U.S., Pakisten Forces Complete Inspired Union 2008
By Nassau Strike Group Public Affairs
Pakistan and U.S. naval forces completed Exercise Inspired Union 2008 in the North Arabian Sea May 21, which focused on air, surface and anti-submarine training, as part of regional maritime security operations (MSO).
Pakistani forces, including PNS Badr (D 184), PNS Shahjahan (D 186), PNS Nasr (A-47) and Pakistan Air Force Explosive Ordnance Disposal, participated in the bilateral exercise along with Sailors from USS Curts (FFG 38) and USS Ross (DDG 71). Other U.S. forces participating included Destroyer Squadron 50 and Combined Task Forces (CTF) 54, 55 and 57.
"This exercise allowed the U.S. and the Pakistani Navy to demonstrate and improve our interoperability in a variety of warfare areas," explained Capt. Paul Severs, commander, Destroyer Squadron 50. "Inspired Union focused on surface warfare, air defense, visit, board, search and seizure (VBSS) operations and ended with a final event using all warfare areas."
Pakistan is an integral member of the coalition and has commanded Combined Task Force 150 twice, most recently from November 2007 through February 2008.
Coalition Maritime Forces regularly operate throughout international waters in the North Arabian Sea to conduct MSO. Coalition ships assigned to CTF 150 operate throughout the Arabian Sea, Gulf of Oman, Gulf of Aden and the Red Sea.
"It was a very successful exercise," Severs said. "From the planning conferences to the pre-sail seminars and the at-sea-events, the exercise was well-coordinated. Inspired Union also allowed sailors from both navies to participate in professional exchanges to understand how different coalition ships operate at sea."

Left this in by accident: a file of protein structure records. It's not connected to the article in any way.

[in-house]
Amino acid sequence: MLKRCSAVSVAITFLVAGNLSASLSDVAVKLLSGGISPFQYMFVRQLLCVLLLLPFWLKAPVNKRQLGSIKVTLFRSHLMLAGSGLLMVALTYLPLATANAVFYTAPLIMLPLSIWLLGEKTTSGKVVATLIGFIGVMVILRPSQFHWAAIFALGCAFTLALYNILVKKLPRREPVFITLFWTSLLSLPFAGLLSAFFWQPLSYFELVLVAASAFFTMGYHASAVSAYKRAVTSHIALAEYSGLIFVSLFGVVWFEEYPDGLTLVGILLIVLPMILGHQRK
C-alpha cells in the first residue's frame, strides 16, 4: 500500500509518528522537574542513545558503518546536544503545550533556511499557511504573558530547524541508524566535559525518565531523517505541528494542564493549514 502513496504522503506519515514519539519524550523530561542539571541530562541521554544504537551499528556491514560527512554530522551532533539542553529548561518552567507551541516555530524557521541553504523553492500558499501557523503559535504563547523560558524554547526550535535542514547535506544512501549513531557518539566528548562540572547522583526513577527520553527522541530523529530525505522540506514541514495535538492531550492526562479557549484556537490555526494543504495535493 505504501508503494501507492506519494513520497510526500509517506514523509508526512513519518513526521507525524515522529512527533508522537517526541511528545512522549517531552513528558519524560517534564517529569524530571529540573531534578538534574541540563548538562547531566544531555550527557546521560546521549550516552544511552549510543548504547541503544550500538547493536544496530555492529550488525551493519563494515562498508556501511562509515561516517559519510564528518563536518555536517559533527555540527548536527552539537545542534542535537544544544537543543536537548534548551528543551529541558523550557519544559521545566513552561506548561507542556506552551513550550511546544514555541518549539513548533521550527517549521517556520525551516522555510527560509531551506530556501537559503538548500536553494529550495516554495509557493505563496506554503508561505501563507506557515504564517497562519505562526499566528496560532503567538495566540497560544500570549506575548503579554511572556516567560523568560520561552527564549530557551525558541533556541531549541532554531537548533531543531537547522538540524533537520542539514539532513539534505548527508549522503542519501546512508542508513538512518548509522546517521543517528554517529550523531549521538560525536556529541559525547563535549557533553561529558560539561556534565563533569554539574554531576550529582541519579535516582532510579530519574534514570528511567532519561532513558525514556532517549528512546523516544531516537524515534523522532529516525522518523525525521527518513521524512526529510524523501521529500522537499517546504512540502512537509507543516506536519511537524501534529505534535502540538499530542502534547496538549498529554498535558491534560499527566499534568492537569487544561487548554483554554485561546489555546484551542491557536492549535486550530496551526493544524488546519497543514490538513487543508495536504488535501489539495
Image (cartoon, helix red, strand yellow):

Severs noted that the bilateral cooperation was key to the exercise's success.
The exercise also provided an opportunity for Curts to visit Karachi during a three-day port visit. The visit offered the crew an opportunity to plan for Inspired Union, conduct cultural exchanges and engage in sporting events with their Pakistani Navy counterparts.
"This is the first visit by a U.S. ship to Karachi since September 2006, and we are grateful for the opportunity to visit Pakistan," said Cmdr. Yvette Davids, Curts' commanding officer.
"Visits by U.S. Navy ships symbolize the continued friendship and partnerships between countries and military services — it allows us to increase our cooperative engagement and exemplifies our commitment to building trust and confidence among friends worldwide," Davids said.
Curts, homeported in San Diego, Calif., is part of the USS Abraham Lincoln Carrier Strike Group. USS Ross, homeported in Norfolk, Va., is part of the USS Nassau Expeditionary Strike Group.